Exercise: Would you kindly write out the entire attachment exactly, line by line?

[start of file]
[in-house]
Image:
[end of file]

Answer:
[in-house]
Image: